A communications satellite receives a signal from Earth, amplifies it, and retransmits it in the form of a television signal, a telephone signal or any other communications signal. Most other satellites also receive and transmit signals, however. The instrument necessary for this is a transponder.
A transponder receives a signal from a station on Earth at one frequency, 6 GHz, for example. The transponder then amplifies the signal and shifts it to a new frequency, say 4 GHz. A transmitter within the transponder amplifies the shifted signal using a travelling wave tube. A travelling wave tube is just a hollow tube that is designed to fit a wave of a particular frequency. Therefore, the width of the tube depends on the frequency of the signal. This will create a travelling wave.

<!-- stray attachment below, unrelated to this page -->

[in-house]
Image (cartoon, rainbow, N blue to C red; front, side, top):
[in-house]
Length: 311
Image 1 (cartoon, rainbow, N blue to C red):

The Canadian communications satellites, the Anik series, all use transponders. There are actually 12 five-watt travelling wave tubes aboard Anik A that boost the signals so that they can be easily received on Earth. Each of these tubes could carry one television program or 960 voice channels. After the signal is amplified, it is then transmitted back to Earth at its new frequency.